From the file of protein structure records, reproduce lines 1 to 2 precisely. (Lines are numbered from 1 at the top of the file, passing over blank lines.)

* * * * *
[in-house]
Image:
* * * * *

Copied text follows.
[in-house]
Image: